Quilts give comfort through community

Community groups donate quilts for first-time mothers in Nurse-Family Partnership program

Photo: Nurse Family PartnershipA gift, a surprise and a learning tool — all three are ways to describe the quilts gifted to mothers participating in Nurse-Family Partnership of Central Alabama, administered by UAB School of Nursing.

Since February, the Birmingham Quilters Guild and Bib and Tucker Sew-Op have provided more than 120 “cuddle quilts” for new mothers in the program, which partners specially trained registered nurses with low-income, first-time mothers-to-be.

In Nurse-Family Partnership, RNs visit moms during their pregnancy as well as for the first two years of their child’s life, providing check-ups for the baby and check-ins for the mother. The evidence-based program has been shown to create positive and lasting behaviors that lead to healthy and successful lives.

For moms in the program, these quilts are more than handmade blankets, said Candace Knight, PhD, RN, assistant professor and Nurse-Family Partnership program director.

“These quilts are a way to show these new mothers that we value them and their babies. It’s a way to show them how much we honor their commitment to become the best moms they can be,” Knight said. “We also use it as a teaching tool. When we give them the quilt, we talk about the types of developmental play for which it can be used.”

The quilts are presented to mothers when their babies are two or three months old, Knight said, and the nurses will talk about its uses. They offer a clean, soft space for babies to play and experience “tummy time,” during which babies develop neck and shoulder muscles as well as motor skills.

For many women, the quilt is the first homemade gift they have received, and their reaction is oftentimes emotional, said nurse home visitor Kaylee Baswell, RN.

Photo: babies“A lot of the moms react first with shock. They don’t expect us to bring gifts on our visits, and after I explain that the quilts are handmade, they’re usually blown away that someone took the time to make a quilt for them,” Baswell said. “They love them so much, and usually when I come back for the next visit, they’ll have the baby’s quilt on the floor or the couch, and their baby will be doing tummy time or just playing there.”

Bib & Tucker Sew-Op, a non-profit organization that aims to cultivate skills for those who sew or want to sew, and the Birmingham Quilters Guild started making quilts for the Nurse-Family Partnership after Rebecca Wakefield, MBA, CRA, program administrator, reached out.

“We loved the idea immediately,” said Lillis Taylor, executive director at Bib & Tucker Sew-Op. “We have a vision to be a hub of sewing activity that promotes empowerment, education and economic opportunity. This falls into the empowerment spoke of that hub. We’re so impressed with Nurse-Family Partnership and what they’re doing for mothers and babies, so we want to mirror that and support our community, too.”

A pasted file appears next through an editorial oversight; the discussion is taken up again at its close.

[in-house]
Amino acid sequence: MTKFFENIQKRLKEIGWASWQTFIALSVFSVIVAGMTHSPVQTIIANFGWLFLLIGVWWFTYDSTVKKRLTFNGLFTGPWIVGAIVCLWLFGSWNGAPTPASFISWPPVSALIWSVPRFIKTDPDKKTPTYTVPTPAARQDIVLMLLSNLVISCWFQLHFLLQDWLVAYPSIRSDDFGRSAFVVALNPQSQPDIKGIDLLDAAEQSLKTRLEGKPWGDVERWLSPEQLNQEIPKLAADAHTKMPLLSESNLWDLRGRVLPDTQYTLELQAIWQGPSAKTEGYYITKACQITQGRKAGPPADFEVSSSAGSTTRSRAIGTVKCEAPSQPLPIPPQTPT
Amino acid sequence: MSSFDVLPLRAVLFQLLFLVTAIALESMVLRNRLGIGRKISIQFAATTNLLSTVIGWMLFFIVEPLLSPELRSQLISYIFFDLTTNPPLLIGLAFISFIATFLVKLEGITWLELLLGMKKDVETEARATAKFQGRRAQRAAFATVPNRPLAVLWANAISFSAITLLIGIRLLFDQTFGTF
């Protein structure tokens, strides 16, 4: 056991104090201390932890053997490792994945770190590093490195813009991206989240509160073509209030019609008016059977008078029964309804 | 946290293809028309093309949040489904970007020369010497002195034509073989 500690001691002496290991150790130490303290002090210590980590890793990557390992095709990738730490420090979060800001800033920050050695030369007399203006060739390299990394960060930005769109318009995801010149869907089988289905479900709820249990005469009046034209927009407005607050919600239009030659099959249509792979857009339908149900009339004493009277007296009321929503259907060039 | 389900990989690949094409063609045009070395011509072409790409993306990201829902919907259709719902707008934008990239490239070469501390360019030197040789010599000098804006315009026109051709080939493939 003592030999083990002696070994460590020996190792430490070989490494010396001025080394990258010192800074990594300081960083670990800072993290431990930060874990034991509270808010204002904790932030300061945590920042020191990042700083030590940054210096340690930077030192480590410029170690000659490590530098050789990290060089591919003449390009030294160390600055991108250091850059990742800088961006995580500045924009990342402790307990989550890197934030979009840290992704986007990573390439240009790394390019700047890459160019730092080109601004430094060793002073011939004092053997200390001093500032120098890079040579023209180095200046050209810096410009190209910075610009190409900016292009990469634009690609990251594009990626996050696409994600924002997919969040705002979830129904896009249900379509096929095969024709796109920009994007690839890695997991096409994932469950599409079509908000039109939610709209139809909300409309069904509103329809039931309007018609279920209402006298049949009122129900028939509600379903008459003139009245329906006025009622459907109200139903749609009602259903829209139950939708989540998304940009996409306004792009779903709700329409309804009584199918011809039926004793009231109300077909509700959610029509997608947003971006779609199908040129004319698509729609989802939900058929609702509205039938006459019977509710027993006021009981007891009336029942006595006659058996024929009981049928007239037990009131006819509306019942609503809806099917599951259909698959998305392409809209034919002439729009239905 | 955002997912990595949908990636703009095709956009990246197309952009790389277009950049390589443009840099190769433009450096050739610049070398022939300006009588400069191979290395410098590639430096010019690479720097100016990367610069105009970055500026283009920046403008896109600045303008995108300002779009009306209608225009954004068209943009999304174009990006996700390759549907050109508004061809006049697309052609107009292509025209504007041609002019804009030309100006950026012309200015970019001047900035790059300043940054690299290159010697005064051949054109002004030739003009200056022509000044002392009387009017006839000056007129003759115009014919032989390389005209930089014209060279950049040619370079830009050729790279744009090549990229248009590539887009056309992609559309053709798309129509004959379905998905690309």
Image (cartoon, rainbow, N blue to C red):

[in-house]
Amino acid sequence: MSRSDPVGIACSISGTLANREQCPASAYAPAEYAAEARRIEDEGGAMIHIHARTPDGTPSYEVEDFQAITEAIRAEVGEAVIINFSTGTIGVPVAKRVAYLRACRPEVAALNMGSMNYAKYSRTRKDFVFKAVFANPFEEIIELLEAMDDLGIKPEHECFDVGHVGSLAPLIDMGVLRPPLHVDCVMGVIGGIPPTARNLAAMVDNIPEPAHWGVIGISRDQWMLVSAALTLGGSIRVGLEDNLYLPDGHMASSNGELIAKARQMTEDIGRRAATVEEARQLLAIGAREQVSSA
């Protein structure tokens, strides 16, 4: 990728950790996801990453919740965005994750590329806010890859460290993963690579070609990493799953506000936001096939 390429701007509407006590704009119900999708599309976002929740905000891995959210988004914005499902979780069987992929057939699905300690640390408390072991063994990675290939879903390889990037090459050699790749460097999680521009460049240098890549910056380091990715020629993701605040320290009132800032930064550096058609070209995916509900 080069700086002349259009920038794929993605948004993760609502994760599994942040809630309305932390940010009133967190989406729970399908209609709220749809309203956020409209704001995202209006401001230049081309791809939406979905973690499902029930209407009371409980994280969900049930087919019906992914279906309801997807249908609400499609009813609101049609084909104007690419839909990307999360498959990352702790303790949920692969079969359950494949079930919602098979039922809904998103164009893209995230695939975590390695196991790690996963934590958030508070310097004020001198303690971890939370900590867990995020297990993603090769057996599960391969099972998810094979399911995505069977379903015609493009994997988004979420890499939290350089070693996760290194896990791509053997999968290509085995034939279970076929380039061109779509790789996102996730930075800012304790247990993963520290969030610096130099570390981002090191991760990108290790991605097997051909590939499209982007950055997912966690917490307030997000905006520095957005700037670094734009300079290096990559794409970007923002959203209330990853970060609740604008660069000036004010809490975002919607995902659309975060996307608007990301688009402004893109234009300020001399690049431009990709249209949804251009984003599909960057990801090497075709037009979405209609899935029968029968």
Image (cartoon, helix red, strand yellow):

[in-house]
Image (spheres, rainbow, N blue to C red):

Mary Holbert, comfort quilt chairperson for the Birmingham Quilters Guild, said guild members were also eager to help when they heard about Nurse-Family Partnership.

“When someone comes to us and asks for us to donate quilts, that is the kind of thing we like to do,” Holbert said. “It means we’re helping that community group reach their mission, and what mission is better than helping children?”

The Birmingham Quilters Guild has created more than 100 quilts for Nurse-Family Partnership since the start of the year.

“We felt this is a project that fits in with the mission of the Birmingham Quilters Guild,” said Wakefield. “The group was really invested in this project, and it means a lot to the mothers in Nurse-Family Partnership.”

Photo: Nurse Family Partnership Home VisitAfter the partnership was approved by the guild’s board, Holbert said quilters were ready to start. She set up a Sew Day, where quilters get together to work on a specific project and had 15 people sign up within the first 15 minutes.

“Turns out there are a lot of teachers and nurses in our guild,” Holbert said. “Everyone agreed this was a good program for us to support, and providing these quilts made us all feel good.”

Bib & Tucker also held a “quilt-a-thon” where sew-op members could come by at any time on a Saturday to cut fabric, sew quilts or otherwise help in the process. The completed around five quilts, Taylor said, and started another 30.

“The quilt-a-thon was so successful that we plan to hold another one in the fall,” Taylor said. “We told Becky that if they need something, she can let us know. We’re here to support however we can, and we know it makes motherhood a little easier if you know someone in the community is supporting you and rooting for you.”

The quilts, Knight said, are also an example of how Nurse-Family Partnership is supported by the community.

“We could not do what we’re doing without the community support of other agencies. We are funded by several other community agencies, and the relationships that we have built are absolutely vital to meeting the needs of these women,” Knight said.

Read 1928 times Last modified on March 05, 2019

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